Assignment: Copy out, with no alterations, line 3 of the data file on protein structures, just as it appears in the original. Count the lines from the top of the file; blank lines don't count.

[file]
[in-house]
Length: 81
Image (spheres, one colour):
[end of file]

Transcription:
Image (spheres, one colour):